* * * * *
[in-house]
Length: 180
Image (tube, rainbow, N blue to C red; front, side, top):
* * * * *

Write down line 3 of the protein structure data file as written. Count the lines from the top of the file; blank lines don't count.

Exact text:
Image (tube, rainbow, N blue to C red; front, side, top):